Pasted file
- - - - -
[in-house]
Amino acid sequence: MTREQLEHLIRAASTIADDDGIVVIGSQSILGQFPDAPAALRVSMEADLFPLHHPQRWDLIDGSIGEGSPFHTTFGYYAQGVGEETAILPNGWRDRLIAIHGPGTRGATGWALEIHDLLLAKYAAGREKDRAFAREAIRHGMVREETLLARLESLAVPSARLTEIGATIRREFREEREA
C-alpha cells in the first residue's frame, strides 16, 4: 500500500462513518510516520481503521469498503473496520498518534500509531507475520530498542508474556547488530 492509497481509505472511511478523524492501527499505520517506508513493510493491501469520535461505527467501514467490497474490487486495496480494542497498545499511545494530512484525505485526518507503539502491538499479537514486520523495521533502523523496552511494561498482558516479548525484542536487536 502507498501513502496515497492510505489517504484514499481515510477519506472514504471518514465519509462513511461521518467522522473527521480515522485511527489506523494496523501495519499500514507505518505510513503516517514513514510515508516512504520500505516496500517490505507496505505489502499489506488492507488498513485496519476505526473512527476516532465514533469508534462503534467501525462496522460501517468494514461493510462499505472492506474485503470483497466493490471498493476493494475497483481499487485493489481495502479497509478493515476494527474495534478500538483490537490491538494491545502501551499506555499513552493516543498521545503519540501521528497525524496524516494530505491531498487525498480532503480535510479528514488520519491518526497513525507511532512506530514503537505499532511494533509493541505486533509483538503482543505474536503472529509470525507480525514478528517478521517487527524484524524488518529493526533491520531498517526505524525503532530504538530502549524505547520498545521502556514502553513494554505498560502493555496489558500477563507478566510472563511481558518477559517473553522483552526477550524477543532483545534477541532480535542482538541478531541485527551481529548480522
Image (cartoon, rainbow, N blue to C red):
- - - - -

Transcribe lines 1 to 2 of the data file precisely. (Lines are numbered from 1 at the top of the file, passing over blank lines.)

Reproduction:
[in-house]
Amino acid sequence: MTREQLEHLIRAASTIADDDGIVVIGSQSILGQFPDAPAALRVSMEADLFPLHHPQRWDLIDGSIGEGSPFHTTFGYYAQGVGEETAILPNGWRDRLIAIHGPGTRGATGWALEIHDLLLAKYAAGREKDRAFAREAIRHGMVREETLLARLESLAVPSARLTEIGATIRREFREEREA